It is known that smooth $K3$ surface can be obtained as two fold branched cover of rational elliptic surface $E(1) = \mathbb{CP}^2 9 \bar{{\mathbb{{CP}^2}}}$ along the smooth divisor $2F_{E(1)} = 6H - 2E_{1} - 2E_{2}- \cdots - 2E_{9}$ . My question is if one can see a pencil of genus two curves in $K3$ with two base points from such description of $K3$. It seems to me a pencil of lines in $E(1)$ with one base point (obtained via pencil of lines in $\mathbb{CP}^2$ with one base point) gives rise to such pencil in $K3$ since the sphere $H$ branched at $6$ points gives a genus two surface in two fold cover. Also, is it possible to see the singular curves in this pencil? It seems to me $6$ tangent lines to the cubic $3H - E_{1} - E_{2}- \cdots - E_{9}$ give rise to the singular curves upstairs, but not very sure. I would appreciate any insight.


You will get such a pencil of genus two curves provided that the base point of the pencil of lines is not one of the nine points that you blew up to get your $E(1)$.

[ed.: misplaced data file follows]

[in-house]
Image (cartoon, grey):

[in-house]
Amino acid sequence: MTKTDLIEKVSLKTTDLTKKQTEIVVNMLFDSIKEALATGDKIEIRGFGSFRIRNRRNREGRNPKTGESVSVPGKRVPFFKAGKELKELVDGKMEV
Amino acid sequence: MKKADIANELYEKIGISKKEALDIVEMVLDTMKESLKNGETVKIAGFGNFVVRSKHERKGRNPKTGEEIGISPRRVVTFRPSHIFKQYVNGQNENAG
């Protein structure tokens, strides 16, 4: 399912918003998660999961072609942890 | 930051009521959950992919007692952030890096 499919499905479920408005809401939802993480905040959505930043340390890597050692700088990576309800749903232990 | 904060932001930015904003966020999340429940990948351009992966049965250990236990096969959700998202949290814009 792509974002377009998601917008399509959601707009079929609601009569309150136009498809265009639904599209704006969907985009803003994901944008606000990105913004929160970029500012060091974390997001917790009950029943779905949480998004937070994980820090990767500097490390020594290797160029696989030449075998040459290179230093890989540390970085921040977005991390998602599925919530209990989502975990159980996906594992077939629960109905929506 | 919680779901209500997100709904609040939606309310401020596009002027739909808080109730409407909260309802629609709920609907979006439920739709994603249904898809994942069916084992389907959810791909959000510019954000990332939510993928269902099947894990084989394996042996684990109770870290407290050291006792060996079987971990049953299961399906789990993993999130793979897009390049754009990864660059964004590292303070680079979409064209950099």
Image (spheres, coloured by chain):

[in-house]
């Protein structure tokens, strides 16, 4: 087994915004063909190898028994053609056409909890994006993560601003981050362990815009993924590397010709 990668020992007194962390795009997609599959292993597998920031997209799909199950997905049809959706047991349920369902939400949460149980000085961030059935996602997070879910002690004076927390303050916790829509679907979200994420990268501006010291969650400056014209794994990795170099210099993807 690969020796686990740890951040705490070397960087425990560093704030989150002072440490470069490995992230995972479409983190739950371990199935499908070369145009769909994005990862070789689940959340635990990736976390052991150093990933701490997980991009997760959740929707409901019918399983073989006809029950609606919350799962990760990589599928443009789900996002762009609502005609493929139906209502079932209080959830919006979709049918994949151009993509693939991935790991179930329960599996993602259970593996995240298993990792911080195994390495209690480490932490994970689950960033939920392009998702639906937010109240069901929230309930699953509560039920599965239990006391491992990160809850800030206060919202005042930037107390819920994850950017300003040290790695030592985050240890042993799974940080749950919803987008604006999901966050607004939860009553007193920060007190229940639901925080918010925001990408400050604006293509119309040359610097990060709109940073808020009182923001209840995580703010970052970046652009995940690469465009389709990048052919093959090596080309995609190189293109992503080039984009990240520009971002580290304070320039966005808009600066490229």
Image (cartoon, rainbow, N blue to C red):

But if the goal was to construct a pencil of genus two curves with two base points, this model for a K3 seems to be too complicated. Why not take a K3 which is the double cover of the plane branched at a smooth sextic? There again if you pull back a pencil of lines in the plane, you will get a pencil of genus two curves with two base points.

  • $\begingroup$ Thanks Tony. No, my goal is not to construct aferomentioned pencil of genus two curves in $K3$. I know one can take smooth sextic (or six lines in general position) as a branch locus in $\mathbb{CP}^2$, blow up one point on seventh line $H$ away from this branch locus, and take two fold cover. I wanted to see the same smooth sextic construction from different angle. Thanks again for your clarification. $\endgroup$ – user24328 Jun 11 '12 at 13:03
  • $\begingroup$ What I have above is actually a genus two fibration structure on $K3$ blowing up twice. To get the pencil structure, we don't blow up the base point on line $H$. $\endgroup$ – user24328 Jun 11 '12 at 13:16

Your Answer

By clicking “Post Your Answer”, you agree to our terms of service, privacy policy and cookie policy

Not the answer you're looking for? Browse other questions tagged or ask your own question.